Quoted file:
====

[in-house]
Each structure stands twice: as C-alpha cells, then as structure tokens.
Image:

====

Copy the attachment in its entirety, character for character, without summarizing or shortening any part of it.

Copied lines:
[in-house]
Each structure stands twice: as C-alpha cells, then as structure tokens.
Image: